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Discussion Starter · #1 ·
OK, I think I know what the answer is going to be to this one, but bear with me!

In a fairly disastrous piece of hard drive re-organisation, I've managed to accidentally delete the massive OUTLOOK.PST file that contained my past six years' worth of emails. By the time I realised my error and ran Restoration to try and get the file back, it turned out that the area of the drive that had contained the file in question had been at least partly overwritten, meaning it was impossible to recover. I gather that usually, this is where the story ends.

But a PST file is effectively a database, right? Meaning that it contains lots of separate little bits that represent individual messages. So, even if it's been partly overwritten, meaning that the file can't be recovered in its entirity, it must be possible that there are still some parts of the file surviving on my hard drive - especially considering the size of the thing before I deleted it (> 1GB I think).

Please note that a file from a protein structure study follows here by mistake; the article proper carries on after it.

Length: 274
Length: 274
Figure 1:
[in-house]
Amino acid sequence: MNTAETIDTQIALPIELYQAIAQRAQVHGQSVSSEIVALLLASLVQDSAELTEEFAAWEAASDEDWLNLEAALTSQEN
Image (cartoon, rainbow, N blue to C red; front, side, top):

So my question is this. Is there some way that I can scan my hard drive for any remaining fragments and tatters of my old PST file, rescue any individual emails that survive, and store them safely in a shiny new PST file?

I can't see why this wouldn't be possible in theory, but then I've also never seen or heard of any piece of software that does anything like this. Can it be done?
 
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